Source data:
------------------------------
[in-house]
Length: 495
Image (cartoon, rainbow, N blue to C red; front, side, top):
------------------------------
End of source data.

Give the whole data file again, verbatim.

[in-house]
Length: 495
Image (cartoon, rainbow, N blue to C red; front, side, top):